What does workwear look like to you? What are you go-to outfits for conferences and work functions and Why?


No one day is the same when working in journalism, you never know how your day will end and so it's important to be comfortable. You could have a day that you're scheduled to be in the office. Then breaking news happens and you need to run to Downing Street and spend 10 hours there producing.


Comfort clothes for me are my go-to. What I find myself wearing time and time again are fitting trousers and a shirt or cardigan or jumper. I'm a big fan of GAP. They have some really lovely feminine pieces. I usually shop here for cardigans and jumpers. You can't bean Zara for the shirts they produce. I totally love them because they are so classic and chic and so you'll probably almost find me in a Zara shirt most of the time.


Like I said about the running around, I don't even attempt wearing heels to work. I do keep a spare pair of heels at work though. Day to day, you'll find me in loafers because they look professional and are very comfortable to manoeuvre around if for example, I need to run to Downing Street, I don't have to change from wearing trainers. I get there and I'm ready to go.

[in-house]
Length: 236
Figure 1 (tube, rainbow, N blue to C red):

If I know that my day is going to be chilled, I do like to dress up. That, for me would be a fitted bodycon dress. I'm a curvatious woman and I'm not afraid to flaunt it - professionally of course. I wouldn't wear heels because of all the walking up and down that I have to do. Another look would be wearing fitted high waisted trousers with a nice shirt and cardigan - you guessed it - ideally from GAP or Zara. I do also love my pencil skirts. It sounds so cliché for journalists but I absolutely love them. It's an easy look to pair with any top or blouse and you portray that professional look.




What's the story behind WTF Is Going On Podcast?


Me and my two friends who are also journalists and women of colour felt unhappy working in white dominated newsrooms because we felt silenced and unable to tell stories we wanted to, so we decided to start our own platform. From that, WTF is Going On? podcast was born – a platform where we controlled the narrative of the stories we told.